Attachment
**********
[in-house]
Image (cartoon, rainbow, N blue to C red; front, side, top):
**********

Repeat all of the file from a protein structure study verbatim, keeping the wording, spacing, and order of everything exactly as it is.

[in-house]
Image (cartoon, rainbow, N blue to C red; front, side, top):